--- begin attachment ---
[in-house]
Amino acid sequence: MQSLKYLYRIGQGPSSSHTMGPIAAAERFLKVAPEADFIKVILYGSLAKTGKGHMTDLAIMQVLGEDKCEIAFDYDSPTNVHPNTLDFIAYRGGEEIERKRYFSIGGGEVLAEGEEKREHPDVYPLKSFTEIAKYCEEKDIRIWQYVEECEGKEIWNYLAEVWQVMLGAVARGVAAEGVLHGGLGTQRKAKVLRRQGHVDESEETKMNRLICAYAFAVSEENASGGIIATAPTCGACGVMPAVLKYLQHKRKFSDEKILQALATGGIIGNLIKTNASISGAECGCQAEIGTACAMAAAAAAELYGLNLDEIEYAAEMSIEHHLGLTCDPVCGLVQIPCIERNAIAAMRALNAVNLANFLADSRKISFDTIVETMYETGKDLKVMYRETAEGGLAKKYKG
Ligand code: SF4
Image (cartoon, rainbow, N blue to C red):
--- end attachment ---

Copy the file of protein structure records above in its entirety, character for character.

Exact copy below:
[in-house]
Amino acid sequence: MQSLKYLYRIGQGPSSSHTMGPIAAAERFLKVAPEADFIKVILYGSLAKTGKGHMTDLAIMQVLGEDKCEIAFDYDSPTNVHPNTLDFIAYRGGEEIERKRYFSIGGGEVLAEGEEKREHPDVYPLKSFTEIAKYCEEKDIRIWQYVEECEGKEIWNYLAEVWQVMLGAVARGVAAEGVLHGGLGTQRKAKVLRRQGHVDESEETKMNRLICAYAFAVSEENASGGIIATAPTCGACGVMPAVLKYLQHKRKFSDEKILQALATGGIIGNLIKTNASISGAECGCQAEIGTACAMAAAAAAELYGLNLDEIEYAAEMSIEHHLGLTCDPVCGLVQIPCIERNAIAAMRALNAVNLANFLADSRKISFDTIVETMYETGKDLKVMYRETAEGGLAKKYKG
Ligand code: SF4
Image (cartoon, rainbow, N blue to C red):